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…and if not, why not?!
This article in eWeek really bugs me:
“Faulty Microsoft Update Rekindles Patch Quality Concerns”
Just when we finally see the tide turning and people starting to believe that Microsoft is really improving things, we shoot ourselves in the foot by releasing an update that causes problems. And while usually I don’t mind doing it as a representative of the company, I’d really rather not have to keep apologizing on it’s behalf.
I agree with the concerns raised in the article, as well as the idea that, really, IT Pros must test updates before they roll them out in production. And new tools like WSUS (the next version of SUS) will make it easier to automatically distribute updates to special groups of test machines. We’ve done a lot, and we’re doing more; but it’s still tough to get the word out about all the improvements we’re making when we have a bad release. It’s like months and even years worth of trust-building can be un-done with just one bad release.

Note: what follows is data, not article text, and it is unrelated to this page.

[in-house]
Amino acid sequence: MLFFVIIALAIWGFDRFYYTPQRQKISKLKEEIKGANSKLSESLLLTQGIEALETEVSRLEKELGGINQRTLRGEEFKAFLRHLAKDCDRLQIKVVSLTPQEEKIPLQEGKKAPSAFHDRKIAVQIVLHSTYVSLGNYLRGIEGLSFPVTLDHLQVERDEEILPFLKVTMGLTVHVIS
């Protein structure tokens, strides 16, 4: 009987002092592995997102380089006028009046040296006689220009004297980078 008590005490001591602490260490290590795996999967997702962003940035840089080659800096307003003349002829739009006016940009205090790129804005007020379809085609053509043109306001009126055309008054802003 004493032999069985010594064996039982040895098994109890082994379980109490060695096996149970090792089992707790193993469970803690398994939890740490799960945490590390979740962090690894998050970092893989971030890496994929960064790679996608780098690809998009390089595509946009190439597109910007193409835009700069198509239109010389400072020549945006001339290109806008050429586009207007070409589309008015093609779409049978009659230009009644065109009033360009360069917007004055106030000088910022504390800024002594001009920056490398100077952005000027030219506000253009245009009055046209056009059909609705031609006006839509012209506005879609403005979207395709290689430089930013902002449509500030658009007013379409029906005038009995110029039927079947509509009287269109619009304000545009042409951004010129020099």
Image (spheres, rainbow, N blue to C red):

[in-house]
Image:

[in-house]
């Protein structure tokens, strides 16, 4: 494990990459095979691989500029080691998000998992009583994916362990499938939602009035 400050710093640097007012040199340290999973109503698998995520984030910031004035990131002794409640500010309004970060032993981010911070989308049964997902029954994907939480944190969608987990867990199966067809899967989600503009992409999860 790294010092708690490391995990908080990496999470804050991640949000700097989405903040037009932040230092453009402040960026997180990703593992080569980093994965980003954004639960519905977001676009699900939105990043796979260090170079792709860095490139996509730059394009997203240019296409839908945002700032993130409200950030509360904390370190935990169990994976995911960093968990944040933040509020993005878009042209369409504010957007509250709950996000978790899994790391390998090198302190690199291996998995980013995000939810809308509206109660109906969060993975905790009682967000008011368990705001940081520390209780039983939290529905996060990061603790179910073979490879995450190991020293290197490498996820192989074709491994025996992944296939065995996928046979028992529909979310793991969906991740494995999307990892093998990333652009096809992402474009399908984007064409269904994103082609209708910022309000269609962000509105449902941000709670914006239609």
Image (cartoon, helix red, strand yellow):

About the only thing we can do is improve how we test these updates. Maybe even widen the external resources with our partners who are also willing to help us out – and give them good incentives to do so.
What do you think? Am I overreacting?
I&rsquo;m sorry, Paul, but I&rsquo;m sure I&rsquo;m not alone in being worried about trusting your home&rsquo;s...